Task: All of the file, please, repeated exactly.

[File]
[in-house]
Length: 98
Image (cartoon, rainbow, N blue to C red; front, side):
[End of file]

[in-house]
Length: 98
Image (cartoon, rainbow, N blue to C red; front, side):